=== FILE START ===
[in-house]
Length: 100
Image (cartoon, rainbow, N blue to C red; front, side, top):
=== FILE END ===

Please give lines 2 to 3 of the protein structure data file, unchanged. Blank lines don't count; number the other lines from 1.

Length: 100
Image (cartoon, rainbow, N blue to C red; front, side, top):